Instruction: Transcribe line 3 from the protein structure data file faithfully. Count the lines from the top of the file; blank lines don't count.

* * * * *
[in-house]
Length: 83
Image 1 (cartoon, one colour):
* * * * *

Image 1 (cartoon, one colour):